Step back to the day when a visit to the gas station meant service with a smile, a wash of the windshield, and the cheerful question, "Fill 'er up?" Since their unremarkable beginnings as cheap shacks and curbside pumps at the dawn of the automobile age, gas stations have taken many forms and worn many guises: castles, cottages and teepees, Art Deco and Streamline Moderne, clad with wood, stucco, or gleaming porcelain in seemingly infinite variety.The companion volume to the Wisconsin Public Television documentary of the same name, "Fill 'er Up: The Glory Days of Wisconsin Gas Stations" visits60 Wisconsin gas stations that are still standing today and chronicles the history of these humble yet ubiquitous buildings. The book tells the larger story of the gas station's place in automobile culture and its evolution in tandem with American history, as well as the stories of the individuals influenced by the gas stations in their lives."Fill 'er Up "provides a glimpse into the glory days of gas stations, when full service and free oil changes were the rule and the local station was a gathering place for neighbors. More importantly, "Fill 'er Up" links the past and the present, showing why gas stations should be preserved and envisioning what place these historic structures can have in the 21st century and beyond."
Buy Fill 'er Up book by James Draeger from Australia's Online Bookstore, Boomerang Books.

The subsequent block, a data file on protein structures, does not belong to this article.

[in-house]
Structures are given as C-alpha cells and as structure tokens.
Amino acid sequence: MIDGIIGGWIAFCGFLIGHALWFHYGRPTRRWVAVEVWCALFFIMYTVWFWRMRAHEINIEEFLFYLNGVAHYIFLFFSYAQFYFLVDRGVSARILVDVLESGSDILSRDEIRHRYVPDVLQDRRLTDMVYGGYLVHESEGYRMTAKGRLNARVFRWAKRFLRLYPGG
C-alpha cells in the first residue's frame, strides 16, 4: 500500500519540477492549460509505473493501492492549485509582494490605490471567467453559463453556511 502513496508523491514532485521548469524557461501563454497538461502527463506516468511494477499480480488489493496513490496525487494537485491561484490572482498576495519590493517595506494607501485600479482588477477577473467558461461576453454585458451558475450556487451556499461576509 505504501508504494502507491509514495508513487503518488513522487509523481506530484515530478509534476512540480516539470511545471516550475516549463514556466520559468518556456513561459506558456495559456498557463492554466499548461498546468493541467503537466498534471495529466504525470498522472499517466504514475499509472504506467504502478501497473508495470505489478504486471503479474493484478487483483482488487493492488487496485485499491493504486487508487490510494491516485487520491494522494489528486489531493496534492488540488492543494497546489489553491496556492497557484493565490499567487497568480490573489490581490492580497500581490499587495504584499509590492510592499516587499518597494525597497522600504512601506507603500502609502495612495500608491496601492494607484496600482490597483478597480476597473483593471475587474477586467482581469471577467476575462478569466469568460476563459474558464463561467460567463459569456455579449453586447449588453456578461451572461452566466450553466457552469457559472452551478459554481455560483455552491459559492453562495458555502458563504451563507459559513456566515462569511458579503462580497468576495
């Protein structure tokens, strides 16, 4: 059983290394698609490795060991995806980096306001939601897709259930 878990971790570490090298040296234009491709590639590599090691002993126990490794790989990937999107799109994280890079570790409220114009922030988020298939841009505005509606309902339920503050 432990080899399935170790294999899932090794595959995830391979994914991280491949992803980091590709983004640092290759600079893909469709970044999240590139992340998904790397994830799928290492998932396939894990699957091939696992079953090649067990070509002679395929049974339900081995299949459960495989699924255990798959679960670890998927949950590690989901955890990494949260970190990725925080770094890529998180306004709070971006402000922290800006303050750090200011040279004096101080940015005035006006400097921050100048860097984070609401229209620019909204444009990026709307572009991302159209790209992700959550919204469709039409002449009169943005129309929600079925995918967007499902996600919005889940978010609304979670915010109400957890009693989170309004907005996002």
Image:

(260mm x 208mm x 18mm)
Wisconsin Historical Society Press
Publisher: Wisconsin Historical Society Press
Country of Publication:
Author Biography - James Draeger
Jim Draeger is an architectural historian with the Wisconsin Historical Society with more than20 years of historic preservation experience. From roadside architecture to North Woods resorts, Draeger celebrates the importance of ordinary buildings to our daily lives through his research, writing, and lectures. He shares a historic 1936 International-style house in Monona with his wife, Cindy, and son, Nick.Mark Speltz is a historian at American Girl and is completing a master's degree in history with a specialization in public history at the University of Wisconsin-Milwaukee. He has worked as an independent researcher on exhibits for museums, including the Ellis Island Immigration Museum, and is active with several museums in Mineral Point, where he lives with his wife, Kari."